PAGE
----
However, this deal has been rejected by the British Parliament and now Britain is likely to leave EU on March 29, 2019 without a deal. MPs even from May’s own party were not in favor of EU-UK exit deal and voted against her by three to one. Pro Brexit MPs are against this deal because they fear that Brussels would gain influence over UK and UK would be left as a “rule taker”, trapped in the EU’s regulatory framework.
Now that Theresa May has been unsuccessful in getting the deal through Commons, the following scenarios are possible:
A no-deal scenario in which UK moves out of the EU without a deal.
Having another vote after three week of losing the vote.
Conducting another referendum which is only possible if the government brings forward a legislation to hold a second referendum supported by the majority in the House of Commons.
A general election after a no-confidence vote in the PM.
According to Confederation of British Industry, a no-deal Brexit would cost shrinking up of GDP by 8 % which would lead to many people losing their jobs. According to worst case scenario estimates, it is expected that in a no-deal scenario, the unemployment would increase by 7.5 % and interest rate could rise to 4 %. Cost of doing business would rise as businesses will have to face new tariffs. It is predicted that the FDI to UK will fall by 29 %. Brexit referendum has already caused a fall in immigration from the EU countries to UK and this is seriously affecting sectors like construction, fruit industry, nursing and hospitality sector which heavily depend on the EU workers. It is important to note that contrary to popular belief, immigrants pay way more in taxes than they receive in social welfare.
The wave of populism that has gripped Europe, especially Britain after the Brexit campaign has polarized British society, increased xenophobia and anti-immigrant narrative among the low income earners and less educated masses. This has further put a pressure on the conservative government to reduce immigration to 100,000 people per year as promised during the election campaign. Theresa May is all set to fulfil that promise and immigration is now being restricted to only skilled workers. This will also further restrict immigrants from entering UK legally and they may resort to illegal means.
Pakistan and UK have strong bilateral ties, and UK has supported Pakistan on numerous issues in the European Parliament such as in attaining GSP plus status and on Kashmir issue. With Britain leaving the EU, Pakistan would lose one of its strongest allies in the European Union. Hence, there’s a need to build strong ties and enhance lobbying efforts with other countries in the EU parliament, especially France, Germany and Italy who could then look after Pakistan’s interests.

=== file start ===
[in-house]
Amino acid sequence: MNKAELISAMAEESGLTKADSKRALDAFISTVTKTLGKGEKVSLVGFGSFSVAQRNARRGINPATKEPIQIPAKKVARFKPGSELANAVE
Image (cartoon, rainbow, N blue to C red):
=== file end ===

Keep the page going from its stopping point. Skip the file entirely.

However, UK is now trying to enhance its economic ties with commonwealth countries. This is a great opportunity for Pakistan which it needs to exploit and ensure that Pakistan exports get favourable trade conditions and access to UK markets (as already promised by UK representatives on numerous occasions). Pakistani Diaspora can also play an important role in facilitating and bringing UK investors to Pakistan.
So far, the EU is not willing to renegotiate the withdrawal agreement (Brexit deal) with UK that was agreed upon in November 2018. In the case of a No-deal scenario, UK will have to follow trade laws and rules set by World Trade Organisation (WTO) once it leaves the EU in March 2019, which means that UK will have to pay the same tariffs that non-EU member countries pay. This would seriously impact trade between the two parties; increasing the prices of UK goods entering the EU markets.
Hence, this would mean that there will be a hard border between Northern Ireland and the Republic of Ireland. While on the other hand the Irish government has adopted a very strong stance on the issue of Irish border and has made it very clear that it will not accept a hard border. Therefore, in this scenario, the best choice for Britain would be to ask the EU for more time till May is successful in getting a withdrawal deal approved by the British MPs.
Driven by socioeconomic stagnation, Britain is suffering from psychosocial trauma. It seems EU is being scapegoated for Britain’s own epic failures, after a ruinous financial crisis which began in 2008. The ones advocating Brexit say that the Brits pay the EU “too much, the EU is an undemocratic, authoritarian body, and lastly, Britain want “control” and “sovereignty” again.
The ones blaming EU for everything including social crimes and declining morals, hail from the elite class of Britain that has traditionally been anti-Europe and has still not come out the stupor of glorious days of British Empire. They have made the Brits delusional, emotional and confused. One hard reality which is being ignored is that the economic fortunes of Britain had surged after it joined EU. Had the 2008 global recession been tackled sensibly by the economic managers of UK, the current financial crisis and surging social menaces could be forfended.
The writer is retired Brig, war veteran, defence & security analyst, and author of five books. email@example.com